Campus Carbon Offset Case Studies: Ball State University


Ball State University has implemented the largest geothermal energy system of its type in the United States.

The Ball State University Story

When officials at Ball State University determined that it was time to replace the University’s aging coal fired boilers, they began analyzing a number of different approaches, with a focus on environmentally responsible systems that would be true to Ball State’s tradition of innovation and sustainability.  Ultimately, the University decided to create the nation’s largest ground-source, closed-loop district geothermal energy system, which would enable the University to deliver deeper greenhouse gas (GHG) reductions against its already demanding Climate Commitment (formerly ACUPCC) signatory goal of achieving carbon-neutrality by 2050.

While the project’s environmental advantages were obvious, there were many other positive factors associated with the project.  Virtually all of the components were manufactured in the United States; most of the contractors were based in the Midwest; and many of the contractors were located in close proximity to Ball State’s campus.  Additionally, the project helped redefine the local water-well drilling industry and propelled companies in this industry into a new and growing market.  The project also offered tremendous learning and research opportunities for Ball State’s faculty and students in areas such as geography, environmental sciences, etc.

After learning about Ball State’s proposed project, Chevrolet, which had recently announced its own corporate initiative of funding carbon reduction project across the United States with the goal of preventing up to 8 million metric tons of carbon dioxide from entering the atmosphere over a 5-year period, began discussions with the University about a partnership that could help both parties achieve their goals.  These discussions ultimately led to Chevrolet and Ball State partnering in the development of a market study to be used by Chevrolet and its partners to create new carbon reduction methodologies.

A key component of the market study is Ball State’s transfer of its verified emission reductions (VERs) to Chevrolet.  When completed, the transfers will result in Chevrolet permanently retiring the VERs on behalf of the climate; in later years Ball State will bring these reductions back onto its own books when the credits are no longer sold, so that the university can deliver on its demanding carbon neutral goals.  Based on what the parties have observed to date, it appears the sale of carbon reductions will be a key way for universities to help fund their climate action plans.  As Jim Lowe, Director of Engineering, Construction and Operations, stated:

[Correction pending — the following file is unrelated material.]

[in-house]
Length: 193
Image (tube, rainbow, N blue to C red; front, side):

“Chevrolet’s initiatives will enable universities to “pay forward” carbon reductions as a financing mechanism for implementation of their climate action plans.  Onsite photovoltaic electrical conversion of the sun’s energy, continuing improvement in demand-side reduction through building envelope modifications, improved pump/fan efficiencies, and ultimately modifications to occupant behavior can all spring from this funding support.”

Robert Koester, professor of architecture and Chair of the BSU Council on the Environment (COTE), reflected on the University’s leadership with Chevrolet in pioneering the first pilot clean energy efficiency project and remarked:

“The market study demonstrates that the voluntary carbon market is an ideal playing field for leveraging the support of the Chevrolet carbon credit purchasing.  Without third party financing of this type, most colleges and universities would not be able to capitalize the more significant investments needed to bring down their carbon load on the atmosphere.

The financing made available through Chevrolet can seed the creation of green revolving loan funds at colleges and universities; with such initial capitalization, colleges and universities can continue to pay forward the impact of current efficiency yields toward additional conservation and energy use reductions.  This is a virtuous circle that empowers campuses to pursue deep systems-thinking efficiencies.  It’s a great way to find new roads to travel together towards a clean energy future.”

Ball State University’s LETTERMAN building

Ball State University built its LETTERMAN building in 2007, earning a Silver LEED certification. When considered (albeit on a non-qualifying basis due to its age) as an NC building under the new methodology, LETTERMAN would not have met the performance benchmark since its percent improvement in EUI over code was 19% when 25% would be the required threshold. However, like many leading green building pioneers, Ball State has continued to invest in clean energy efficiency on a system-wide basis. In particular, in 2012, it began running a campus-wide geothermal system to replace its coal boilers. Interestingly, this generated an improvement in EUI in the LETTERMAN building of more than 20%, opening up the option for it to qualify for Chevrolet funding under the LEED EB-A route, earning potential credits of over 400 tons CO2 per year. However, the geothermal systems were so dramatic in their impact that they enabled Ball State to qualify for campus-wide funding (for stationary 1 reductions that exceed an average of 5.86% per year) which offered the potential to earn many more tons of CO2 credits per year – a route that Ball State chose to pursue with Chevrolet.

The business case for its LETTERMAN LEED building was nonetheless intriguing; based on the $3/square foot that LEED estimates is needed to deliver outstanding LEED performance levels, a 10 year stream of the LETTERMAN building credits (at $5-10/ton) would provide a 7.5%-15% return on incremental capital.

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